SPEAKING OUT: Bundaberg's Darryl Hampson, Cheryl Dorron and Bev Pignet protest nursing cuts in aged care last year.
SPEAKING OUT: Bundaberg's Darryl Hampson, Cheryl Dorron and Bev Pignet protest nursing cuts in aged care last year. Crystal Jones

Government sets date for aged care royal commission

MEMBERS of the Bundaberg community have marched in the streets, signed petitions and cried tears as they've recounted horrors of abuse and understaffing in the aged care industry.

Now a date has been set for answers.

The terms of an upcoming royal commission, first mooted by Prime Minister Scott Morrison on September 16, stipulate that a final report and recommendations must be submitted to the Governor-General no later than April 30, 2020.

An interim report is required by October 31, 2019.

In a joint statement released today, Mr Morrison, Health Minister Greg Hunt and Senior Australians and Aged Care Minister Ken Wyatt announced that Justice Joseph McGrath and Lynelle Briggs would head the royal commission.

Justice McGrath was appointed a judge of the Supreme Court of Western Australia in November 2016.

Prior to his appointment he was Western Australia's director of public prosecutions and a senior assistant director at the Commonwealth DPP.

Ms Briggs was chief executive of Medicare Australia and served as the Australian Public Service Commissioner for five years.

She also leads the government's review of the Online Safety Act, is a non-executive director of Maritime Super and Goodstart Early Learning, a member of the Aid Governance Board for the Department of Foreign Affairs and Trade and is chairwoman of the General Insurance Code Governance Committee.

The statement said the royal commission would be based on building a culture of respect for ageing Australians.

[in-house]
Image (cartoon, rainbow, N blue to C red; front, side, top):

"Following more than 5000 submissions, four national roundtables and consultation with the medical and aged care professions, our government has today also outlined the terms of reference for the royal commission," the statement read.

"The commissioners will be directed to inquire into all forms of Commonwealth-funded aged care services, wherever they are delivered, without in any way limiting the royal commission's scope."

The federal politicians said as the royal commission was undertaken, the Aged Care Quality and Safety Commission, work on upgraded aged care quality standards, and record levels of funding support for older Australians would all continue.

The Royal Commission will be based in Adelaide.


The royal commission will include the following categories:

  • Quality and safety including the extent of sub-standard care.
  • How to best deliver services to people with disabilities in aged care facilities, including younger people.
  • How to best deliver care toAustralians living dementia.
  • The future challenges and opportunities for delivering accessible, affordable and high quality aged care services, including people's desire to remain at home as they age, and care in rural, regional and remote Australia.
  • What the government, the aged care sector, families and the community can do to strengthen care services.
  • How to allow people greater choice, control and independence and improve engagement with families and carers.
  • How to best deliver sustainable aged care services through innovative care and investment in the aged care workforce and infrastructure.
  • Any matters that the commissioners believe is relevant to their inquiry.